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US WWII Vets: Never Forget             08/24 09:09

   PARIS (AP) -- Seventy-five years ago, they helped free Europe from the 
Nazis. This weekend, U.S. veterans are back in Paris to celebrate, and 

   Now in their 90s, these men aren't afraid to cry about what they saw in 
World War II. And they want everyone to remember what happened back then, so 
that it doesn't happen again.

   "The veterans, all the veterans of World War II, I think we saved the 
world," said Harold Angle, who came to France with the U.S. 28th Infantry 
Division in 1944, and recounted his experiences to The Associated Press in 
Paris. "To be under the domination of a dictatorship like the Hitler regime and 
some of the terrible, terrible things that they did.

   "When you talk about taking little kids out on a firing range and shooting 
them for target practice...." Emotion choked his voice. "I can't imagine 
anybody doing things like that. So I think we really did save the world. The 
guy had to be stopped."

   Now 96, he's among Allied veterans, French resistance fighters and others 
taking part in ceremonies Saturday and Sunday marking the 75th anniversary of 
the military operation that liberated Paris from Nazi occupation.

   Angle, from Chambersburg, Pennsylvania, landed in Normandy in 1944 and moved 
into eastern France, where his division fought through a brutal winter. He 
saved a piece of a bullet that hit his helmet, and keeps it with a wartime 
photo of himself and a letter he wrote home to his mother, describing his 
scrape with death.

   Steve Melnikoff, 99, of Cockeysville, Maryland, came ashore on Omaha Beach 
on D-Day, June 6, 1944 with the 29th Infantry Division. It was one of the most 
pivotal days in the war --- but to him, just one of many life-and-death 
experiences infantrymen faced on the front lines of history's deadliest 

   "What we went through, to do what we did, people don't realize," he said. He 
still has pictures in his head of a fellow soldier falling beside him, and 
another. Of the muddy holes he called home. Of the German machine guns, each 
capable of firing thousands of rounds.

   War, he says, is "nasty, smelly, terrible." But he maintains, "it was 
important for someone to do this," to stop Hitler from taking over more of the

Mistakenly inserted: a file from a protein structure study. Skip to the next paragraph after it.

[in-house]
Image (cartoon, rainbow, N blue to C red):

Donald Cobb of Evansville, Indiana, took part in the invasions of Normandy 
and of southern France from aboard ship, operating high-frequency antennae to 
detect German submarines and helping load ammunition. He's back in peaceful 
Paris this week with the Greatest Generations Foundation, which organizes trips 
for veterans. He sometimes feels "survivor guilt," and has one fundamental 
message for younger generations: "Learn history, and don't repeat mistakes."

   Harold Radish, now a 95-year-old retired teacher, arrived in France in 1944, 
fought his way to Germany --- and then was captured. Hunger, lice and dysentery 
dominated life as a prisoner of war. His family in Brooklyn thought they'd 
never see him again.

   As a Jew, he remembers a German guard accusing him, and Wall Street, of 
starting the war. He remains surprised and grateful to have made it out alive.

   He came to Paris later, and reveled in Parisians' appreciation.

   "That's what's important about the liberation of Paris, it was a new thing, 
something good had changed, the world was gonna get a little better. ... You 
came in to Paris, you were a hero. There were the mademoiselles all around." He 
smiled. "You know, we, in the prison camp, talked about food constantly. As 
soon as we were liberated that day, the talk was all sex."

   Gregory Melikian, 95, now a hotel owner in Phoenix, was a high-speed radio 
operator working at Gen. Dwight D. Eisenhower's headquarters in nearby 
Versailles when Paris fell.

   "It was very important," he said. "There was only one Paris."

   The fight for the French capital was faster and easier for the Allies than 
their longer-than-expected battle through Normandy and its gun-filled 
hedgerows. But it was still messy and deadly, with more than 1,400 Parisians 
and 3,200 German troops killed.

   In May 1945, Melikian was in the Reims high school where the Germans 
surrendered. As the youngest radio operator available, Eisenhower wanted him to 
send out the encrypted news of the momentous occasion so that he could talk 
about it the rest of his life.

   "And here I am," he said, incredulous, "75 years later."


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